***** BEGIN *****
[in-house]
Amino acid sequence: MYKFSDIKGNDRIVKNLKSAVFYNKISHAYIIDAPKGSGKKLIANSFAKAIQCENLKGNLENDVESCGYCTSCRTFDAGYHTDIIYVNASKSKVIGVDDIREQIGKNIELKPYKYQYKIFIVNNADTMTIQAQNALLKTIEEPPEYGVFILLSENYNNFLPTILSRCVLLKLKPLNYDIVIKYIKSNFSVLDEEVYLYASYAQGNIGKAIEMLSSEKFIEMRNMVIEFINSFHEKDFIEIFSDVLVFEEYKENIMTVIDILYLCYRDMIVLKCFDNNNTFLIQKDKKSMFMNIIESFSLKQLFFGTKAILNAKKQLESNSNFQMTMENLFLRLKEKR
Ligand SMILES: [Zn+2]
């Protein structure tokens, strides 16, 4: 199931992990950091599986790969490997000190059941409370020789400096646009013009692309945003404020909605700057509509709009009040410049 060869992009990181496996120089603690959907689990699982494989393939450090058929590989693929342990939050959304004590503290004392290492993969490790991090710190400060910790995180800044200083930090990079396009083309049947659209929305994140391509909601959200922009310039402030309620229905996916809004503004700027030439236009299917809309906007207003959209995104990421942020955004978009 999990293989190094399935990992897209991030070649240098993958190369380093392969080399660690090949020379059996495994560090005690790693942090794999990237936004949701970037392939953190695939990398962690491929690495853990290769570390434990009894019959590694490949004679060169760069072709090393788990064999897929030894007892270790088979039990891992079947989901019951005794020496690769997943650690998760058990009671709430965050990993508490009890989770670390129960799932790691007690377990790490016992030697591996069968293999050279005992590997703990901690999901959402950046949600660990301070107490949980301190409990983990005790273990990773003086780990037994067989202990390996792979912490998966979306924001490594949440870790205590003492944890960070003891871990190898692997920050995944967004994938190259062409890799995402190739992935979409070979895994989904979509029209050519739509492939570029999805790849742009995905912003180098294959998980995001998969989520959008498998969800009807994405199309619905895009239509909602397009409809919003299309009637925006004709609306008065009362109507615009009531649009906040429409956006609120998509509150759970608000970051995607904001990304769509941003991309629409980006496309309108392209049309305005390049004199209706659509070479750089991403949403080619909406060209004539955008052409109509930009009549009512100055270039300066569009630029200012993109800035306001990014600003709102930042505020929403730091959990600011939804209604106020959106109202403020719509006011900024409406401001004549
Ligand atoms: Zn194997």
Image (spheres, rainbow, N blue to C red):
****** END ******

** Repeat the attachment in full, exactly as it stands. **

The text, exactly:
[in-house]
Amino acid sequence: MYKFSDIKGNDRIVKNLKSAVFYNKISHAYIIDAPKGSGKKLIANSFAKAIQCENLKGNLENDVESCGYCTSCRTFDAGYHTDIIYVNASKSKVIGVDDIREQIGKNIELKPYKYQYKIFIVNNADTMTIQAQNALLKTIEEPPEYGVFILLSENYNNFLPTILSRCVLLKLKPLNYDIVIKYIKSNFSVLDEEVYLYASYAQGNIGKAIEMLSSEKFIEMRNMVIEFINSFHEKDFIEIFSDVLVFEEYKENIMTVIDILYLCYRDMIVLKCFDNNNTFLIQKDKKSMFMNIIESFSLKQLFFGTKAILNAKKQLESNSNFQMTMENLFLRLKEKR
Ligand SMILES: [Zn+2]
């Protein structure tokens, strides 16, 4: 199931992990950091599986790969490997000190059941409370020789400096646009013009692309945003404020909605700057509509709009009040410049 060869992009990181496996120089603690959907689990699982494989393939450090058929590989693929342990939050959304004590503290004392290492993969490790991090710190400060910790995180800044200083930090990079396009083309049947659209929305994140391509909601959200922009310039402030309620229905996916809004503004700027030439236009299917809309906007207003959209995104990421942020955004978009 999990293989190094399935990992897209991030070649240098993958190369380093392969080399660690090949020379059996495994560090005690790693942090794999990237936004949701970037392939953190695939990398962690491929690495853990290769570390434990009894019959590694490949004679060169760069072709090393788990064999897929030894007892270790088979039990891992079947989901019951005794020496690769997943650690998760058990009671709430965050990993508490009890989770670390129960799932790691007690377990790490016992030697591996069968293999050279005992590997703990901690999901959402950046949600660990301070107490949980301190409990983990005790273990990773003086780990037994067989202990390996792979912490998966979306924001490594949440870790205590003492944890960070003891871990190898692997920050995944967004994938190259062409890799995402190739992935979409070979895994989904979509029209050519739509492939570029999805790849742009995905912003180098294959998980995001998969989520959008498998969800009807994405199309619905895009239509909602397009409809919003299309009637925006004709609306008065009362109507615009009531649009906040429409956006609120998509509150759970608000970051995607904001990304769509941003991309629409980006496309309108392209049309305005390049004199209706659509070479750089991403949403080619909406060209004539955008052409109509930009009549009512100055270039300066569009630029200012993109800035306001990014600003709102930042505020929403730091959990600011939804209604106020959106109202403020719509006011900024409406401001004549
Ligand atoms: Zn194997």
Image (spheres, rainbow, N blue to C red):